So when I look at my students grades for the semester I am looking at how they did overall in each of the categories (we have 4 categories - knowledge/understanding, thinking, communication and application). So it is not a percentage.

For example, if a student in knowledge had:

3-, 3, 3, 3, 3-, 3

They would receive a level 3 because that is they are, by in large, producing level 3 work.

At the end of the semester, all my grades are in levels. It is only the final mark that is "converted" to a percentage. The percentage isn't a real number it is essentially a symbol for the level because our politicians weren't brave enough to actually have us report in levels (even though we are supposed to mark in them

So, at semester's end we have a conversion chart for what a level 3 = in %.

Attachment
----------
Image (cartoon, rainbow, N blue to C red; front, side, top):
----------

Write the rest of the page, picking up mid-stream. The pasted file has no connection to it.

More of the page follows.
Reply With Quote
  #8  
Old 02-18-2009, 06:34 PM
MrsC's Avatar
MrsC MrsC is offline
Multitudinous
 
Join Date: Aug 2005
Posts: 10,976
Ontario, Canada
Grade 7/8
Quote:
Originally Posted by CanukTeacher View Post
Our A & E policy calls for "most consisent and most recent." So our grades need to reflect how students are consistently performing with an acknowledgement that if their grades go up or down significantly in second term the final grade should reflect this.

So when I look at my students grades for the semester I am looking at how they did overall in each of the categories (we have 4 categories - knowledge/understanding, thinking, communication and application). So it is not a percentage.

For example, if a student in knowledge had:

3-, 3, 3, 3, 3-, 3

They would receive a level 3 because that is they are, by in large, producing level 3 work.

At the end of the semester, all my grades are in levels. It is only the final mark that is "converted" to a percentage. The percentage isn't a real number it is essentially a symbol for the level because our politicians weren't brave enough to actually have us report in levels (even though we are supposed to mark in them